Updated 07 September 2018

Diarrhoea in children: when to see a doctor

If your child is displaying any of these symptoms, you may have to take them to see the doctor.

Take your child to see a doctor if:

  • Vomiting persists and your child is unable to keep fluids down
  • Your child is dehydrated, despite the use of an oral rehydrate solution (ORS)
  • You notice bloody diarrhoea or blood in the stool
  • Your child’s vomit is a green or yellow colour
  • Your child has diarrhoea for more than five days or is vomiting for more than two days

Also consider taking your child to the doctor if they are:

  • Younger than 1 years old and showing signs of dehydration (fewer wet nappies)
  • Younger than 3 months old and have a temperature of 38°C or higher
  • 3-6 months old and have a temperature of 39°C or higher

Go directly to the emergency unit of your closest hospital if your child:

  • Vomits blood or has vomit that looks like ground coffee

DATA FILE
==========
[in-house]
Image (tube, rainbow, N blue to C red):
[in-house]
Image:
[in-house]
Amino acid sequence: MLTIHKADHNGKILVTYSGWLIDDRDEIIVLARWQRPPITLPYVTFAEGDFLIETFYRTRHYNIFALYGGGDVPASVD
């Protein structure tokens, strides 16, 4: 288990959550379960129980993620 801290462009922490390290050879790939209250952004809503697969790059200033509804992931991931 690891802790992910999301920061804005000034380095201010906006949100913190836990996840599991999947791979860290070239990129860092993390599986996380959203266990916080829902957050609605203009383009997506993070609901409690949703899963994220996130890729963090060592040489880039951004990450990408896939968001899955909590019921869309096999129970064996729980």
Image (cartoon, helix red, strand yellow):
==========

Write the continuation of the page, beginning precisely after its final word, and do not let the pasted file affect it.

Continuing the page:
• Has a stiff neck with pain when looking at bright lights
  • Has a sudden, severe headache (migraine) or stomach ache
  • May have swallowed something poisonous

What to ask the doctor

  • If your doctor prescribes an antibiotic, ask for a probiotic to use alongside the antibiotic. This may help your child’s healthy gut bacteria to survive.
  • Ask about supplementation, especially for vitamin A and zinc.
  • Ask about the rotavirus immunisation. Double check that your child has received both immunisations as part of the EPI programme.
  • Ask your doctor for a rehydration solution or make your own (a solution made up of 1 litre of boiled and cooled down water, 8 tsp sugar and ½ tsp of salt).

Reviewed by Kim Hofmann, registered dietitian, BSc Medical (Honours) Nutrition and Dietetics, BSc (Honours) Psychology. August 2018.

Image credit: iStock